Machine Learning, Predictive Analytics, and Clinical Practice

Machine Learning, Predictive Analytics, and Clinical Practice

Machine Learning, Predictive Analytics, and Clinical Practice

Can the Past Inform the Present?

Predictive Analytics – Physicians’ minds, no matter how bright or experienced, are fallible—unable to adequately store, recall, and correctly analyze the millions of pieces of medical information needed to optimally care for patients. The promise of machine learning (ML) and predictive analytics is that clinicians’ decisions can be augmented by computers rather than relying solely on their brains. For example, automated ML algorithms can rapidly search through gigabytes of data and generate probabilistic estimates of patients’ likelihood for different outcomes, such as various disease complications or death. With these empirical estimates, patients and their physicians could make better informed care decisions.

These visions of the potential for ML-based predictive analytics in medicine are quite seductive. Data has been coined the new oil of the 21st century, and investors have poured millions of dollars to gain access. Recruiting is similarly intense for data scientists and ML experts. Some of these investments appear to be successful. For instance, the number of scientific publications found when using the search term machine learning has increased more than 3-fold during the past 5 years, with more than 6500 articles on this topic alone included in PubMed in 2018. In addition, some comparative studies have found that ML-based analyses can identify novel risk predictors and improve the prognostic accuracy of models beyond traditional methods.1 However, ML-based predictive analytics are not without their limitations. In some instances, ML models have not outperformed the regression models analyzed by humans and in other instances the ML models have been overfit and have failed to provide validation when applied to external data sets. Furthermore, clinicians remain wary of ML algorithms in which the user cannot directly see or understand what exactly influences the model’s predictions.2

The battle of machine vs man-made predictive analytics will likely continue for years. However, even more important than the modeling technique is the application of risk algorithms in clinical practice. To this point, a historical perspective on prognostic tools may provide insight. In 1968, Stead at Duke University became enthralled with the role of computers in clinical care and has been credited with saying “chronic diseases can be studied, but not by the methods of the past. If one wishes to create useful data…computer technology must be exploited.” Stead’s team painstakingly coded the medical histories, treatments, and outcomes of patients in the cardiac intensive care unit. These standardized data were then analyzed using regression modeling, the novel statistical technique of the day. The resulting models that predicted patients’ likelihood of coronary disease, its severity, and expected outcomes with surgical or medical therapy were as good as or even better than predictions from experienced specialists.3 To facilitate the use of these models in clinical care, Stead’s team went on to create simplified printable “prognostograms,” which were paper forms that allowed clinicians to make these estimates while at a patient’s bedside.4 These accomplishments were quite impressive given that they happened during an era of punch-card technology for data entry and using computer processors that were an order of magnitude less powerful than those used in current cell phones.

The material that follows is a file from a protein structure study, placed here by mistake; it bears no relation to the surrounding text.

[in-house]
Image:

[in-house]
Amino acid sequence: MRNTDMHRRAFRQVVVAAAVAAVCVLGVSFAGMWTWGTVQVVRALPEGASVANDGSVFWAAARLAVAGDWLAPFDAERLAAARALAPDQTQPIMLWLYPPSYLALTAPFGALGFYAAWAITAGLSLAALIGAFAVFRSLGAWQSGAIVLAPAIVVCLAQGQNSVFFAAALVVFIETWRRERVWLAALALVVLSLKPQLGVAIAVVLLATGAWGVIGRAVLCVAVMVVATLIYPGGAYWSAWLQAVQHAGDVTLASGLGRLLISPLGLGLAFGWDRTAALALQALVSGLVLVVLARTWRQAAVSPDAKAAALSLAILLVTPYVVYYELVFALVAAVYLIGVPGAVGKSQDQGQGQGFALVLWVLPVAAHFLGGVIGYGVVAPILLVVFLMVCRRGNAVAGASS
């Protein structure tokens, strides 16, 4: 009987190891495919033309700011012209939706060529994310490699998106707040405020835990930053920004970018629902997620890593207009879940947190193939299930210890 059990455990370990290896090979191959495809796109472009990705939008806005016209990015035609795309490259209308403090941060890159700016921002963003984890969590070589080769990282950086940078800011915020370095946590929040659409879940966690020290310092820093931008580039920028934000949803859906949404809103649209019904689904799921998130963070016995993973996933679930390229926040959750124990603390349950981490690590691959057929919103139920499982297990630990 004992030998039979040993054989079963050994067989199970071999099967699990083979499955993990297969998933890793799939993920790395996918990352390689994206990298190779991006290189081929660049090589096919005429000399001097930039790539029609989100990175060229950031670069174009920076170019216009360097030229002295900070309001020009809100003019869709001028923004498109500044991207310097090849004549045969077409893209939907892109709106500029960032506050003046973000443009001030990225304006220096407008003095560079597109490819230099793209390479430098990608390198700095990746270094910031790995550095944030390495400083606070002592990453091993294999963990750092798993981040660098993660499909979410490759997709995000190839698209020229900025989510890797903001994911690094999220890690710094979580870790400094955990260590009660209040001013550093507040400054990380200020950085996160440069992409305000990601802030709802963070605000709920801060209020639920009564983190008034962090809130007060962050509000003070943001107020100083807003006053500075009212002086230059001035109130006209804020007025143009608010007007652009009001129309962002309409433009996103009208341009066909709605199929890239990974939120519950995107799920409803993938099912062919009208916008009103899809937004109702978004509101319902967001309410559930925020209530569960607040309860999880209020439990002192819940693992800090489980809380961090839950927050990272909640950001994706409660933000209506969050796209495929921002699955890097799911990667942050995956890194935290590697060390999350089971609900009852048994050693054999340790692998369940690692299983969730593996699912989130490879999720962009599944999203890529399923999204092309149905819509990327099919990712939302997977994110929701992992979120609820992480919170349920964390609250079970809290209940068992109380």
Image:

Based on these successes, many anticipated the dawn of a new era of empirical-based medicine. In 1981, Califf and Rosati5 expressed confidently that, “Soon doctors and patients will gain from carefully collected and computerized clinical experience.” Yet almost 40 years later, what has happened? Despite their initial novelty and proven accuracy, the cardiovascular predictive analytic models never gained widespread use in clinical practice. Few institutions beyond Duke University adopted them and routine use of these tools during patient rounds faded rapidly at Duke. This failure to adopt predictive analytics into practice was not limited to these models and would be relived again and again in medicine. Although a few risk scores have been recommended by practice guidelines (eg, the pooled cohort equation for cardiovascular risk and the CHA2DS2-VASc score6,7), even these have been inconsistently applied and often fail to affect care decisions even when they are calculated. Why?

The reasons for not adopting predictive analytics are likely several-fold. In the 1970s and 1980s, few hospitals routinely collected computerized structured data, and those that did used their own specialized nomenclature and definitions. As such, it was challenging to seamlessly integrate these early prognostic tools into hospital systems. Perhaps more important though is that there was no call for the use of these tools from practicing clinicians. Few physicians during that era received training in quantitative methods; therefore, they neither saw a need for probabilistic estimates, nor could they properly apply them if they were provided. In short, physicians (and their patients) generally trusted their own subjective intuition more than the empirical output of an algorithm.

This article originally appeared on jamanetwork.com To read the full article and see the images, click here.

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